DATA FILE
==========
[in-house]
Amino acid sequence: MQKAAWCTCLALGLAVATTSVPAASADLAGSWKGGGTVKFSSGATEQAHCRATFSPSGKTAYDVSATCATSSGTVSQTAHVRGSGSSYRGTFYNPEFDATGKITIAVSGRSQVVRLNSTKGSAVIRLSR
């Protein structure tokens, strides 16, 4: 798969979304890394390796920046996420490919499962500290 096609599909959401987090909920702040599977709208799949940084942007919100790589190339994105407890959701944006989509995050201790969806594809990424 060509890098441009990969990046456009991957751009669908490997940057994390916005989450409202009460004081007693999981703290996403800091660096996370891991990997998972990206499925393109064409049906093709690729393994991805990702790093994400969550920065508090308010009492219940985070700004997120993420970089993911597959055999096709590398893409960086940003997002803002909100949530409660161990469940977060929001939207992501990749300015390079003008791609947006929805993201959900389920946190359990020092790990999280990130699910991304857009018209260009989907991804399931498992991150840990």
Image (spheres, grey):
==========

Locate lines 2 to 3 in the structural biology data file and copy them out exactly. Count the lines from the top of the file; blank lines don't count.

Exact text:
Amino acid sequence: MQKAAWCTCLALGLAVATTSVPAASADLAGSWKGGGTVKFSSGATEQAHCRATFSPSGKTAYDVSATCATSSGTVSQTAHVRGSGSSYRGTFYNPEFDATGKITIAVSGRSQVVRLNSTKGSAVIRLSR
């Protein structure tokens, strides 16, 4: 798969979304890394390796920046996420490919499962500290 096609599909959401987090909920702040599977709208799949940084942007919100790589190339994105407890959701944006989509995050201790969806594809990424 060509890098441009990969990046456009991957751009669908490997940057994390916005989450409202009460004081007693999981703290996403800091660096996370891991990997998972990206499925393109064409049906093709690729393994991805990702790093994400969550920065508090308010009492219940985070700004997120993420970089993911597959055999096709590398893409960086940003997002803002909100949530409660161990469940977060929001939207992501990749300015390079003008791609947006929805993201959900389920946190359990020092790990999280990130699910991304857009018209260009989907991804399931498992991150840990």